Egypt Lays Out What Bond Investors Craving Yield Can Expect
(Bloomberg) -- Egypt wants to get its local debt settled by Euroclear Bank SA in less than a year and introduce its first floating-rate bonds by mid-2021, part of a push to cut borrowing costs and stoke rebounding demand for its notes.
A deal with Belgium-based Euroclear will mean a “safe gateway” to the market for “big-ticket investors such as central banks and increase demand and liquidity by expanding our investor base,” Finance Minister Mohamed Maait said in an interview. Foreigners currently have to go through local lenders to invest in Egyptian debt.
After Euroclear negotiations began in 2018 and an earlier target passed, “the legal requirements now are roughly done,” according to Maait, who spoke at his Cairo office. The date for completion: “Inshallah, between September to November 2021.”
Foreigners have pumped billions of dollars into Egypt’s debt market since late 2016, when authorities devalued the currency as the opening salvo of a sweeping economic program backed by a $12 billion loan from the International Monetary Fund. With high interest rates and a stable pound, the North Africa nation became a darling for emerging-market investors.
Flows reversed when the pandemic hit, with foreigners removing $20 billion from Egypt’s market in spring 2020, sending the total plummeting to $9 billion, Maait said.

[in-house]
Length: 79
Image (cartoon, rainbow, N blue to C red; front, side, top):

“We dealt with the situation,” he said. “When they wanted to leave, they left.”
A rebound that started in June has seen those investments climb to $24 billion in November, according to the minister, spurred by high real yields and a fresh agreement with the IMF.
Another draw might be the listing of Egyptian notes on JPMorgan Chase & Co.’s Government Bond Index for Emerging Markets, which attracts investments from passive funds that track the gauge. Authorities began talks on inclusion about 18 months ago and the work on Egypt’s side has been completed, according to Maait.
“We are ready but due to Covid-19, JPMorgan has put a hold on any new inclusions,” he said. “So we are waiting to hear from them.”
Authorities are also planning to entice a new class of investors by issuing Egypt’s first floating-rate bonds. Discussions are underway on which of several benchmarks, including the central bank’s corridor rate, the notes could be linked to, Maait said.
Egypt is also planning the country’s debut sovereign Islamic bonds, or sukuk, in 2021.
“If parliament approves the sukuk draft law before February, we could issue our first sukuk before June,” according to Maait. Egypt could also tap the international bond market in the first half of 2021, if needed, he said.
The government reached a $5.2 billion stand-by arrangement with the IMF in mid-year, bolstering investor confidence. Maait said Egypt hasn’t yet looked at approaching the Washington-based lender for a non-financial agreement when the current deal expires in June.
“All options are on the table and every possible scenario will be discussed to make sure it’s the best for our economy,” Maait said. “We need to leave some time until we finish the current one successfully.”
Maait also said:
- Egypt will get 20% of its Covid-19 vaccine needs from the Gavi Alliance at a reasonable, “reduced” price
- Another 30% will come from AstraZeneca Plc, with authorities approaching other companies to fill all its requirements before the end of 2021
- If the situation returns gradually to normal, economic growth could reach 4% by the end of the fiscal year in June
- Estimates for next fiscal year, 2021-2022, range from 5.5% to 6.5%.
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